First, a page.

Safety News - 3
New York Scaffold Fall, Dec. 2007


At 10.30 am on Friday December 7, 2007, two brothers Alcides and Edgar Moreno, plunged 47 stories from a Manhattan building (Solow Tower, at 265 East 66th Street, at Second Avenue) when their window-washing platform (a swing scaffold, a built-in feature of the tower) collapsed — killing one and gravely injuring the other.

Edgar was cut in half by a fence in an alleyway below, and Alcides suffered extensive critical injuries, including blood clots in the brain, collapsed lungs, damaged kidneys, numerous bone fractures and extensive internal injuries.

The platform was a 16-foot long aluminum and wood swing scaffold, a built-in feature of the tower. It is anchored by cables to a circular rooftop track that lets workers move the platform so window washers can reach any point on the facade. The scaffold cables are motorized, allowing the washers to move up and down at the press of a button. At the roof, the cables are strung through arms that reach out over the parapet and hold the scaffold in place within reach of the windows.

The equipment at Solow Tower had been inspected in June. Inspectors, he said, found cables, harnesses, controls and other safety equipment to be working properly.

One scenario for the accident, an investigator said, was that the scaffold cable had not been securely anchored to the track on the roof, and that when the men stepped on the scaffold, they and the platform plunged down.

Another scenario, an investigator said, was that the cables had come loose from the track in some way, then whipsawed around and dragged the men over the parapet before they had a chance to hook up their safety harnesses.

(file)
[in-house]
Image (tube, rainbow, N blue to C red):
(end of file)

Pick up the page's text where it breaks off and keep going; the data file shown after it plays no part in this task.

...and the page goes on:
Part of the investigation will be to determine what if any role language played in the accident. It has been suggested that the company that serviced the equipment in the days prior to the accident, left written instructions in English for the cleaning workers that they may have not understood.

They knew their scaffold had a mechanical problem before they ascended the tower, but were assured by a boss that it had been fixed. The brothers had told him [their brother-in-law] of at least three problems with the Solow Tower scaffold this year, including one that had put it out of commission in the summer ... their boss had called them and said, ‘The scaffolding was fixed, come to work'.

Neither worker was wearing a harness, as required on all window-washing jobs, but said it was unclear if this was negligence or if the men had been dragged over the edge of the roof by whipsawing cables before they had a chance to put on their harnesses.

The Morenos had come from the town of Macará in southern Ecuador, Alcides 12 years ago and Edgar ten years ago. Both had become American citizens.



Left: Police moving Alcides to hospital

Right: Fallen debris of the swinging scaffold

Above Right: The covered body of Edgar